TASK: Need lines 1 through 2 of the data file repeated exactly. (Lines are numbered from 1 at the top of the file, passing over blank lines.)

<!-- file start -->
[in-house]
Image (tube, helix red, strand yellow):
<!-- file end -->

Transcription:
[in-house]
Image (tube, helix red, strand yellow):